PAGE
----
The success of the book led to two sequels as well as a variety of writerly endeavors that came to define Burgess’s legacy: a daily “Bedtime Stories” column for the New York Herald Tribune Syndicate that lasted for 36 years; a weekly Neighbor Burgess radio show airing nationally from 1924-1934; and an astonishing output of 170 books and 15,000 stories. Even Mrs. Theodore Roosevelt followed Peter Rabbit’s adventures devotedly.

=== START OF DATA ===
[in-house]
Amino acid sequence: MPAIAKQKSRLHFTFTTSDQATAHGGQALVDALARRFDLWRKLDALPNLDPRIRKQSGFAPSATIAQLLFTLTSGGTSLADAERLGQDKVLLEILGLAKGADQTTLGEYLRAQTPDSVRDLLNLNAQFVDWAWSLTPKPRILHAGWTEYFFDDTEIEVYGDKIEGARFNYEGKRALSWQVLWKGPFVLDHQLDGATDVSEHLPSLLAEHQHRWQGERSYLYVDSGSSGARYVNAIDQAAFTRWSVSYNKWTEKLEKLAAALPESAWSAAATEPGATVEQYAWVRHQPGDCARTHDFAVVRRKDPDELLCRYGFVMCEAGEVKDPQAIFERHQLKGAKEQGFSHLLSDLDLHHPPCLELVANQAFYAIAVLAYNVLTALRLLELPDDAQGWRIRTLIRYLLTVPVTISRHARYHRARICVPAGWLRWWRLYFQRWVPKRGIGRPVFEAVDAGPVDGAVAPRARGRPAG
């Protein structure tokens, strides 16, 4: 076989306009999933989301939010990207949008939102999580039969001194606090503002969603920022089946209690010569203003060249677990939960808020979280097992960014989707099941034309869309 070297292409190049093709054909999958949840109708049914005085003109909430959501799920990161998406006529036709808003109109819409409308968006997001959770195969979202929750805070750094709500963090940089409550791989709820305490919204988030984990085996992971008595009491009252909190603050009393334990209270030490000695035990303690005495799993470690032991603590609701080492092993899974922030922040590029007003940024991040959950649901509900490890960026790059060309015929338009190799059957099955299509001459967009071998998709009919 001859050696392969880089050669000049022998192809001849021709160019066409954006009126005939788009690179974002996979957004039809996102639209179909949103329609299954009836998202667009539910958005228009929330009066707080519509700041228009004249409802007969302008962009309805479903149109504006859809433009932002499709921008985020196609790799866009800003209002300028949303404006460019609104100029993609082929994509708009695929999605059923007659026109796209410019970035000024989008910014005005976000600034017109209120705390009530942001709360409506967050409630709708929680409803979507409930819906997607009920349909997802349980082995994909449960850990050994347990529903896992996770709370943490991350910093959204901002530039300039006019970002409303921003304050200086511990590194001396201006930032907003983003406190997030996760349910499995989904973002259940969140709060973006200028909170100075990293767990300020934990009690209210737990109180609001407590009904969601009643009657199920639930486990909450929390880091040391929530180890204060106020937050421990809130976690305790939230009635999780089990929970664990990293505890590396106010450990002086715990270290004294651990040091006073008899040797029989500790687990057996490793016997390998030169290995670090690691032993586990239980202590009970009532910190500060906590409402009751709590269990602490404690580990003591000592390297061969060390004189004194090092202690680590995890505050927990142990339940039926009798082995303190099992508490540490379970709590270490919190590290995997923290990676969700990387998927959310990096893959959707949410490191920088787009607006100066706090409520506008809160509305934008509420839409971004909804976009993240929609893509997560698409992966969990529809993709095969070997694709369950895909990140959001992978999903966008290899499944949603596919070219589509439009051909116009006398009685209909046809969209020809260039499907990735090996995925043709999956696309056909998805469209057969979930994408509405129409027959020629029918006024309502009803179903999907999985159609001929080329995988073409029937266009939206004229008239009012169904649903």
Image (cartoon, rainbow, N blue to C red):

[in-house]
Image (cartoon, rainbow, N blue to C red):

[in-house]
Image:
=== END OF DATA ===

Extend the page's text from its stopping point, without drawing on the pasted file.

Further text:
As a decorated conservationist, Burgess rallied thousands across the nation through his Radio Nature League and Green Meadow Club to rescue trees from tent-caterpillar infestation, preserve millions of acres as bird sanctuaries, and nurture programs to protect endangered wildlife. While holding in his hand the final known member of the heath-hen species on Martha’s Vineyard, he allowed a glimpse into his naturalist’s heart: “It was sheer, stark tragedy watching that lone bird displaying all his charms, calling for a mate … while I knew that nowhere in the world was there one for him… Man the destroyer had once again overcome Nature the creator,” Burgess wrote in his autobiograpy.